Union Tribune Review: SDMT’s ‘9 to 5’ Celebrates Girl Power – By Pam Kragen
The film “9 to 5” came out in 1980, and its musical adaptation arrived in 2008, but the women’s empowerment comedy is definitely having its day in 2017.
Just weeks after millions of women around the world marched for their rights, San Diego Musical Theatre opened its 2017 season Saturday with the funky, fun and surprisingly ribald “9 to 5: The Musical.” Dozens of women, and some supportive men, in the Spreckels Theatre audience, cheered at lines in Patricia Resnick’s script about equal pay, breaking the glass ceiling, ditching skirts and choosing career over marriage and family.
Dolly Parton wrote the show’s Oscar-winning title song, as well as 17 more numbers added for the musical adaptation. The score isn’t particularly memorable, but it gives each of the show’s three female stars at least one barn-burning solo number.
Directed by Cynthia Ferrer, the show moves like a fast-hurtling freight train, with large, energetic ensemble dance numbers choreographed by Tamilyn Shusterman and underscored by musical director Don LeMaster’s orchestra.
But what stands out about “9 to 5” is its irreverent humor, which arrives unexpectedly in the show’s opening seconds, as the 1979-era office workers rise from bed (one in, shall we say, a state of excitement) to dress for a day of “working 9 to 5.”
Anyone over 50 probably remembers the film starring Parton, Lily Tomlin, Jane Fonda and Dabney Coleman. The musical is mostly faithful to the original story about three downtrodden secretaries who kidnap their male chauvinist boss and implement progressive office policies in his absence. But some fresh, topical and often R-rated humor has been added, as well as an amusing epilogue.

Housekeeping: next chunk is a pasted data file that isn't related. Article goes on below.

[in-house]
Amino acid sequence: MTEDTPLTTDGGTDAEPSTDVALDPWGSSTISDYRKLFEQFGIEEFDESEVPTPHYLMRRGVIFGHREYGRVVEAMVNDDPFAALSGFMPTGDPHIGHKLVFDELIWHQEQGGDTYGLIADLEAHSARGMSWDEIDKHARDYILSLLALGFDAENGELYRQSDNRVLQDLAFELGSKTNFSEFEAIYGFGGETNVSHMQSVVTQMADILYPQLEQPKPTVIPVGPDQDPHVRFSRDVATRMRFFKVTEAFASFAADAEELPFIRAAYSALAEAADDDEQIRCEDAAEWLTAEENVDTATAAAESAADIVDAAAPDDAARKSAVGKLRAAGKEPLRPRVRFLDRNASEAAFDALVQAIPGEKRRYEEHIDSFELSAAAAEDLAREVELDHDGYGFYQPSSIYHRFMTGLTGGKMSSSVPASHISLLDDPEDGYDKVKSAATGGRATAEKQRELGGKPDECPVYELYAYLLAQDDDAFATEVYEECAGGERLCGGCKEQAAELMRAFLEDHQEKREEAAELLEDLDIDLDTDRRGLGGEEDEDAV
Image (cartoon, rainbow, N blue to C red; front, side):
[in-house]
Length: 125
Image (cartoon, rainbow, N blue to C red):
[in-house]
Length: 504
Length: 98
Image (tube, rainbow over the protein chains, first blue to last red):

The highlights of the show are the warm and colorful performances of its the five lead actors. Joy Yandell is an absolute knockout as Violet, the widowed secretary pool chief continuously overlooked for promotion. Her “One of the Boys” breakout number is the best in the show.
Karyn Overstreet takes on the Dolly Parton role of harassed secretary Doralee, complete with blonde curly hair and “Double D” bustline. Her big number is “Backwoods Barbie,” a touching, clearly autobiographical Parton song about seeing past her sexy looks to the good girl inside.
Allison Spratt Pearce plays Judy, the divorced housewife who comes into her own as a working woman. Pearce starts out quiet and mousy, then explodes on her ex-husband in the second act with the big finish “Get Out and Stay Out.”
David S. Humphrey, who usually plays traditional leading man roles, shows off his long-hidden comic chops as the mustachioed Mr. Hart, their skirt-chasing, embezzling boss. And Candi Milo is surprisingly hilarious as sex-starved office manager Roz, whose role has been beefed up (and made much funnier) in the musical.
The show’s rented costumes, coordinated by Janet Pitcher, are a nostalgic nod to the brown plaids, wide ties and Peter Pan collars of the past. The wigs and attitudes were equally adjusted for the 1970s milieu.
Although it’s a comedy, and often a very funny one, “9 to 5” is truth-telling in its examination of the struggles women faced in the 1970s corporate world. Some things have improved sharply for women, but many struggles (including equal pay) remain. So it’s not surprising that Saturday’s audience was filled with women roaring their approval for the sisterhood embraced onstage. No doubt, this musical will be a hit with the “girls night out” crowd over the next few weeks.
“9 to 5: The Musical”
When: 7:30 p.m. Thursdays; 8 p.m. Fridays-Saturdays; 2 p.m. Sundays. Through Feb. 26.
Where: San Diego Musical Theatre at the Spreckels Theatre, 121 Broadway, downtown.
Phone: (858) 560-5740